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Obama's nuclear summit -

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KERRY O'BRIEN, PRESENTER: Coming tonight from Washington, where I'm scheduled to interview US
President Barack Obama at the White House tomorrow.

For the past two days the President has been hosting a summit of 49 nations, including Australia,
to discuss nuclear terrorism, the issue he describes as America's biggest single threat, both in
the short and long term. The President sought and gained a commitment for individual nations to
lock up for the next four years the poorly guarded fissile materials that litter the world, to
avoid the catastrophe that he says looms if extremist groups ever manage to build a nuclear bomb.
The two most unpredictable nations with regard to nuclear ambitions, North Korea and Iran, weren't
invited.

In a press conference following the summit today, President Obama once again talked of a day when
the world might be rid of all nuclear weapons - a very long journey indeed.

In a moment I'll be talking with Australia's ambassador to Washington, Kim Beazley, but first the
ABC's North America correspondent Michael Brissenden has been following the talks for this report.

MICHAEL BRISSENDEN, REPORTER: The threat of a nuclear Armageddon has been with us now for 65
years. From the moment of the first successful weapons test, the world changed forever.

BARACK OBAMA, US PRESIDENT: At the dawn of the nuclear age that he helped to unleash, Albert
Einstein said, "Now everything has changed." And he warned, "We are drifting towards a catastrophe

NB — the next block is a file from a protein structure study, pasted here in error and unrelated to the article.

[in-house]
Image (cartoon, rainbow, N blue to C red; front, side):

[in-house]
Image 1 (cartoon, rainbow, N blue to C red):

beyond comparison. We shall require a substantially new manner of thinking if mankind is to
survive."

MICHAEL BRISSENDEN: But from this distance the old superpower-fuelled Cold War arms race that
dominated much of the 20th Century looks frightening, but relatively predictable. As time goes on
and technology improves, the nuclear paradigm has become increasingly complex. Now, nine countries
have nuclear weapons. 38 others store or produce enriched uranium and everyone is well aware of
what Barack Obama calls "the true irony of history".

BARACK OBAMA: The risk of a nuclear confrontation between nations has gone down. But the risk of
nuclear attack has gone up.

MICHAEL BRISSENDEN: The Nuclear Security Summit called by President Obama is the largest gathering
of foreign leaders in US since the dawn of the atomic age in 1945. It's designed to build on his
pledge to deal with what he says is the single biggest threat to US and global security in the 21st
Century: nuclear terrorism.

BARACK OBAMA: Terrorist networks such as Al-Qaeda have tried to acquire the material for a nuclear
weapon, and if they ever succeeded, they would surely use it.

MICHAEL BRISSENDEN: As the leaders retired for closed door sessions, another conference of experts